Ode: Ally Karsyn Travels Alone

Jul 29, 2016
Ally Karsyn
Jordan Edens Photography

Going out to the airport, a man with a tennis racket sticking out of his suitcase takes a seat across from me on the train. Before long, he becomes one of the many people who asked me before, during and after my trip – do you know someone in Portland? Friends? Family?

I tell him what I told everyone else, “No, I went because I wanted to go.”

He calls me brave and admits he’s jealous because he could never travel alone like me and go somewhere without knowing a soul. I think nothing of it, and in that moment on the train, I forget to ask him, “What’s stopping you?”

Ode: Sara Culley Survives

Jul 20, 2016

My first experience with travel was from Florence Crittenton to a foster home in November of 1959. Within a few months, I moved to a cattle ranch in western Kansas with my new family, a mom and a dad and a big brother, two years older than me. My brother was adopted as well – from outer space. I loved my life on the ranch. I had cats and dogs and my pony Sugar Lump. My animals were my closest friends.


Ode: Leslie Erickson's Fear of Heights

May 11, 2016

Fear of Heights

I looked at Jesse and then back at the 12-foot wall in front of me. I bent double, holding my stomach, and felt as if a hand were wringing the life out of my intestines to the beat of my pounding heart. Waves of nausea waxed and waned as I contemplated the inevitability of climbing up and out of the small crevice within which we found ourselves.

“I can’t do it,” I said, straightening and shaking my head. I walked a few steps back from where we’d come.

Ode: Ally Karsyn

Apr 27, 2016
Ally Karsyn

Less stuff, more life

Whenever I start to feel stuck, I change the one thing I can, and I begin redecorating with all the fervor of Martha Stewart on the day she discovered Pinterest. My arbitrary impulse serves as a welcome distraction.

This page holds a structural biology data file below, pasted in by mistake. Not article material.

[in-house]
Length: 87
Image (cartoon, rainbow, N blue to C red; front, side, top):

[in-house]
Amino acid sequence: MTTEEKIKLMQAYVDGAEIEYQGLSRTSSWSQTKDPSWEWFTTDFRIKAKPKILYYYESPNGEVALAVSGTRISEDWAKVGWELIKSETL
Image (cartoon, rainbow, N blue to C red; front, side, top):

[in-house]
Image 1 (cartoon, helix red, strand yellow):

But while I’m flitting from room to room, I’m faced with things that were purchased under the assumption that they’d be placed in a lovely downtown loft apartment, not a lonely suburban home that has a lawn to mow and bushes to trim and porches to paint.

Ode: Kirby Kaufman

Mar 30, 2016
Ally Karsyn


Three years ago, as a newspaper reporter in Council Bluffs, Iowa, I met a dying a man named Larry Spalti, who at age 97, was probably happier than most people who were counting down the days to death. Happier than some of us could ever hope to be.

  It was August, not too warm, and not too cool. This man, who lived in a white house next to a Dairy Queen, called my work and wanted someone to tell his story.

Ode: Ally Karsyn

Mar 23, 2016
Ally Karsyn

In the middle of the night, I was on my knees, staring into a scummy toilet, wishing I could purge the poison from my body and wondering when was the last time I cleaned the bathroom floor.

This all started a week earlier. I went to go see my doctor for a routine visit while I had some time off of work. On this day, I was running late, a truck on I-29 threw a big rock at my windshield, and once again, I was tired. So when the doctor asked me how I was feeling, I answered by bursting into tears.